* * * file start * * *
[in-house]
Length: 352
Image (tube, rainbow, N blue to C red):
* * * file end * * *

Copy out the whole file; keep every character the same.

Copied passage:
[in-house]
Length: 352
Image (tube, rainbow, N blue to C red):